The local price of wooden poles shot up soon after the government hiked levies on forest products in the 2007/2008 budget. According to the Tanesco MD, the price for a single wooden pole then stood at 268,000/-, up from 90,000/- in 2004.

  2. Next Level

    Next Level JF-Expert Member

    May 14, 2009
    Joined: Nov 17, 2008
    Messages: 3,159
    Likes Received: 17
    Trophy Points: 135
    Mjasiriamali Malila na mkuu Mbu with you 10m mpo hapo?
  3. M

    Malila JF-Expert Member

    May 15, 2009
    Joined: Dec 22, 2007
    Messages: 4,413
    Likes Received: 737
    Trophy Points: 280
    Nimeisoma hiyo mkuu, hawa jamaa toka Kenya wanasomba nguvu zetu kule Iringa kama hawana akili vizuri,sisi tunapiga story na Tanesco yetu. Yale manguzo yaliyokatwa Lupembe maelfu kwa maelfu yanaishia Kenya.

    Kibaya zaidi hawa jamaa,licha ya kununua nguzo zetu,pia wanapanda kwa bidii sana miti hiyo. Mda mfupi ujao tutaanza kununua nguzo toka kenya zilizovunwa toka Iringa.
  4. BAK

    BAK JF-Expert Member

    May 15, 2009
    Joined: Feb 11, 2007
    Messages: 70,918
    Likes Received: 83,441
    Trophy Points: 280
    Tanesco: Give Safety Priority

    15th May 2009

    It is a shock to hear that Tanesco does not have electricity poles.

    Whatever the reason for this, the predicament puts the wananchi in immense danger, due to the fact that electricity is a dangerous item once mishandled.

    We have personally witnessed, not once but several times over, Tanesco cautioning us not to touch any electricity wire that is loose, has been neglected or is lying on the ground.

    It is rather surprising that the same organisation now tells us that it has no electricity poles in stock at a time when in many residential areas, electricity poles are in danger of falling, and, in some places, have already fallen down.

    The whole situation thus amounts to death announcements.
    A Tanesco customer who contacted this newspaper said that ants had eaten right into a pole situated in his residence in Dar es Salaam, and, upon alerting the Tanesco authorities, was issued with a reporting number, but Tanesco has not been able to address the problem for more than a month now since it was reported.

    We are left to wonder how Tanesco fails to have an answer to this problem in this age when there are alternatives for safe transmission and storage of electricity.

    We are led to believe that Tanesco is already working around the clock to solve this problem in an urgent manner, short of which is putting people's lives at ransom.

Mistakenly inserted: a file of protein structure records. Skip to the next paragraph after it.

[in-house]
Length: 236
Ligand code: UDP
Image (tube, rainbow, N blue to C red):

It is common knowledge that touching an electricity cable that is not properly installed amounts to inviting death.

    When we contacted the Ministry of Energy and Minerals, the relevant authority expressed surprise that the public utility company was facing a shortage of electricity poles.
    This is rather strange.

    The whole scenario reflects the fact that there is a certain degree of negligence in communication that further compounds the problem.

    In December 2007, Tanesco reported that it was facing an acute shortage of electricity poles, forcing it to import wooden ones from South Africa.

    The Tanesco MD was quoted as saying that they usually depended on poles supply from Iringa Region, but these were mainly exported to Kenya and Sudan.

    Apart from that, the local price of wooden poles has shot up from 90,000/- in 2004 per pole to 268,000/-.

    It is possible that the country's lopsided policy concerning the utilization of its comparative advantage in regard to its abundant natural resources could have a role in the difficulties that Tanesco is grappling with, and these are now being passed over to consumers.

    The irony of hiking the prices of your own products that are needed to make the life of the population easier so that your neighbours benefit more than you do signifies a total lack of priorities and the primacy of commerce over proper planning and public interest.

    In a way, the government should also admit its responsibility on the prevailing situation.

    On the other hand, Tanesco is an autonomous public utility company. The management has a free hand in budgeting and setting its priorities.

    For that reason, we advise that Tanesco takes immediate steps to ensure that the security of the people is not compromised. This issue is indeed too serious to warrant any further debate.